By Mark Renouf

2011-02-11 11:21:46 8 Comments

Other than the obvious fact that the first form could use a variable and not just a string literal, is there any reason to use one over the other, and if so under which cases?

In code:

// Given:
var foo = {'bar': 'baz'};

// Then
var x = foo['bar'];

// vs. 
var x =;

Context: I've written a code generator which produces these expressions and I'm wondering which is preferable.


@Harunur Rashid 2018-06-07 09:59:47

You have to use square bracket notation when -

  1. The property name is number.

    var ob = {
      1: 'One',
      7 : 'Seven'
    ob.7  // SyntaxError
    ob[7] // "Seven"
  2. The property name has special character.

    var ob = {
      'This is one': 1,
      'This is seven': 7,
    ob.'This is one'  // SyntaxError
    ob['This is one'] // 1
  3. The property name is assigned to a variable and you want to access the property value by this variable.

    var ob = {
      'One': 1,
      'Seven': 7,
    var _Seven = 'Seven';
    ob._Seven  // undefined
    ob[_Seven] // 7

@Aron Rotteveel 2011-02-11 11:26:48

(Sourced from here.)

Square bracket notation allows the use of characters that can't be used with dot notation:

var foo =[]; // incorrect syntax
var foo = myForm["foo[]"]; // correct syntax

Secondly, square bracket notation is useful when dealing with property names which vary in a predictable way:

for (var i = 0; i < 10; i++) {
  someFunction(myForm["myControlNumber" + i]);


  • Dot notation is faster to write and clearer to read.
  • Square bracket notation allows access to properties containing special characters and selection of properties using variables

Another example of characters that can't be used with dot notation is property names that themselves contain a dot.

For example a json response could contain a property called bar.Baz.

var foo =; // incorrect syntax
var foo = myResponse["bar.Baz"]; // correct syntax

@Quentin 2011-02-11 11:31:07

The code examples and wording of the summary look awfully familiar.

@Aron Rotteveel 2011-02-11 11:32:18

No need in re-inventing the wheel, is there? Citing it as a reference.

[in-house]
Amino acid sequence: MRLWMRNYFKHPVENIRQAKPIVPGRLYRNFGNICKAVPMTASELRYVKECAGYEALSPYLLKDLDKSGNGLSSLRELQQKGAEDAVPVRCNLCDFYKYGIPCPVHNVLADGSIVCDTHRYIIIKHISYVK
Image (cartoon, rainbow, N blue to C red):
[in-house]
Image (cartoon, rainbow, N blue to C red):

@BigOmega 2013-03-06 11:24:04

But I wonder, is one faster than the other?

@David Chen 2013-05-23 16:55:58

Dot notation is faster (for me at least) test your browser

@piskebee 2015-06-09 07:40:38

What does this mean... The second advantage of square bracket notation is when dealing with variable property names.? So we can use custom variable myControlNumber or i for myForm["myControlNumber" + i]?

@OJFord 2015-07-09 09:56:01

Also, [] can resolve an otherwise ambiguous parse (without the need for () as well as .) - consider = bar vs. obj1[ ] = bar

@Ryan Watts 2015-08-07 22:11:25

Great example. I've used bracket notation a lot , and was not sure of the true purpose over dot notation. Now with this example it is clear to see the big picture.

@Austin France 2015-08-12 15:44:59

in chrome 44 on my machine bracket notation is faster

@Cerbrus 2015-09-10 14:30:34

That said, using periods and square brackets in a property is just... Yikes.

@daemonaka 2016-01-20 08:33:07

@chenghuayang That is a little confusing, isn't it? It means property names that vary. So in the example the object myForm is assumed to have ten properties, called myForm.myControlNumber0...myForm.myControlNumber9, each of which is acted on by someFunction. Rather than go through them one at a time, a line of code per property, they can be looped over because their names vary from each other in a predictable way.

@Abdul 2016-12-08 16:56:52

@chenghuayang When you want to access a property of an object who's key is stored in a variable, you can't with dot notation.

@Amitesh 2017-08-04 07:55:34

dot notation makes debugging easier as you can hover over the property to see the value while with bracket notation debugger cant evaluate it on hover.

@Nathan 2017-08-23 14:22:48

My rule of thumb is to use bracket notation if accessing properties programmatically (variables) and use dot notation when I'm typing in known or expected property names.

@danpop 2017-10-06 12:28:42

On Firefox 56 there are almost the same.

@Dimitris Efst 2018-11-19 19:41:11

Guys,I get it. The problem is I need to access a parameter that comes from the back-end. So I did this `<pre>{{ Ctrl.api.["something.else'] | json</pre>. The else has a name property. How do I access that...?

@SherylHohman 2019-01-30 18:50:37

Link is broken. Do you have another source, or should the link be removed ? (PS thanks for including information from the link. This is a perfect example to those who post "link-only" answers, as to why such answers are discouraged, and should be deleted/removed, OR updated to include the relevant info.) I also appreciate that you cited your reference !! :-) References are super helpful for following up and additional research, when necessary.

@Sagar Munjal 2017-07-18 17:47:49